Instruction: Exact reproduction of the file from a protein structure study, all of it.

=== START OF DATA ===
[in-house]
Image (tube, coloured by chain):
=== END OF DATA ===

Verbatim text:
[in-house]
Image (tube, coloured by chain):